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October is Talk About Your Medicines Month

Nearly 70 percent of Americans take at least one medication. But how much do you know about the prescriptions you are taking? Individuals who understand their medications, discuss them openly with their providers, and follow the recommended instructions are more likely to feel better, avoid side effects, and prevent interactions.

Every October, during Talk About Your Medicines Month, Summit Health shines a spotlight on the importance of having an open dialogue with your providers about medications. “This month is an opportunity to empower patients and health care providers to discuss medications and ensure their use is safe, effective, and appropriate for the intended indications,” says Gwen Egloff-Du, PharmD, BCPS, a clinical pharmacist at Summit Health. “Open and frequent communication with providers and pharmacists ensures any discrepancies are identified as early as possible.”

Here are 10 pro tips that can help you get the most benefit from your prescriptions.

1. Talk to your providers openly about the medicines you take.

Whenever you visit the doctor, they always ask for a current list of medications. It is essential for patients to review the medicines they take with their entire health care team, including nurses, physicians, and pharmacists, at every step in their care. That does not just include prescription drugs—be sure to list any over-the-counter medications, as well as vitamins or herbal supplements.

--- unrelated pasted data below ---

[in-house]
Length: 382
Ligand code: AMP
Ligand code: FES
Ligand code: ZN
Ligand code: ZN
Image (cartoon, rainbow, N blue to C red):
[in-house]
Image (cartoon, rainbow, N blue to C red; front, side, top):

Pro tip: “When patients openly discuss their medications, it allows providers to identify if patients are unclear on how to take them, why they are taking them, or if they are having trouble affording them. This also helps confirm that the patient’s medical conditions are being treated with the best possible regimen and can help to identify if any interactions exist between drugs or conditions.”

2. Let your pharmacist help you save money.

Talk About Your Medicines Month is an opportunity to make sure you are taking the most effective and safe regimen. It is also a time to reflect upon the most cost-effective ways to get

your medication. When individuals have trouble affording their medications, it can make it more difficult to follow the treatment plan prescribed by their doctor.

Pro tip: “Your pharmacist can help to suggest more cost-effective alternatives to your prescriber that will make it easier for you to take your medicine as intended.”

3. Be up front about all your medical conditions and allergies.

Withholding information from your physician can significantly impact your care. It is essential that every provider you see is not only made aware of all your medications, but also your medical conditions and allergies.

Pro tip: “Depending on your conditions, some treatments can be considered either more or less appropriate. Certain medical conditions can also influence how you react to medications.”

4. Fill prescriptions at the same pharmacy.

Every year there are 1.3 million emergency room visits caused by adverse drug events. As people age and take more medication, the risk of these interactions increases. Using the same pharmacy for all your prescriptions ensures that your entire medication list is assessed for drug interactions every time you request a refill.

Pro tip: “I cannot stress enough how important it is to fill all prescriptions at the same pharmacy. Filling your medications at different pharmacies can lead to drug interactions, adverse events, and poor outcomes.”

5. Ask questions when you are prescribed a new medication.

Be a partner in your care. When your physician writes a script for a new drug, make sure you understand why you are taking the medication. You can also ask your pharmacist about any questions or concerns you may have.